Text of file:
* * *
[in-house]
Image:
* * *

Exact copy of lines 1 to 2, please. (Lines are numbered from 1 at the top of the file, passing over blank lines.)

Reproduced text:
[in-house]
Image: